penetrate this new region, and locate themselves east of the
Kennebec River ; a tract of country then, as now, comprising
much the largest portion of the now State of Maine. There
were at that period less than a dozen framed houses in the vil
lage, with a few log cabins; some Indian-built wigwams, and
not more than three hundred inhabitants in the whole town.
Thus by his enterprise he became an early citizen of that unde
fined space called " Down East," and was the associate and the
first legal adviser of the founders of that beautiful town.

1795. OLIVER CROSBY died at Atkinson, Me., 29 July,

1851, aged 82. He was born in Billerica, Mass., 17 March,
1769 ; and settled as a lawyer in Dover, N.H., in 1798. He
subsequently removed to Maine. For several years before his
death, he had discontinued the practice of his profession.

1795. JOSIAH STURGES died in New York, 22 February,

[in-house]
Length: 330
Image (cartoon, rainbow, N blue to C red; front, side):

1852, aged 78. He was son of Jonathan Sturges, of Fail-field,
Conn., Judge of the Supreme Court of Connecticut, and was
born 10 September, 1773. He was a merchant in New York,
and was at one time wealthy, but lost his property during the
war of 1812.

1796. Rev. NATHAN TILTOX died at Scarborough, Me.,
4 October, 1851, aged 79. He was born in East Kingston,
N.H., 2 July, 1772; was ordained pastor of the church in
Scarborough, 10 December, 1800 ; and resigned his pastoral
charge, 12 December, 1827.

1798. THOMAS COLE died at Salem, 24 June, 1852, aged
72. He was born in Marlborough, Mass., 29 December, 1779.
He was preceptor of the Aurean Academy, at Amherst, N.H.,
afterwards teacher of the Ladies High School at Salem ; a Fel
low of the American Academy.


1798. Rev. ABRAHAM RANDALL died at Stow, 3 March,
1852, aged 80. He was born in Stow, 25 October, 1771 ; was
fitted for college at Westford Academy, under the tuition of the
late Levi Hedge, LL.D. During a part of his collegiate
course, he was room-mate with the late Judge Story. He was
ordained at Manchester, 2 September, 1802 ; dismissed Septem
ber, 1808, and returned to Stow.

1798. Dr. ROBERT THAXTER died in Dorchester, 10 Feb
ruary, 1852, aged 75. He was son of Dr. Thomas Thaxter, of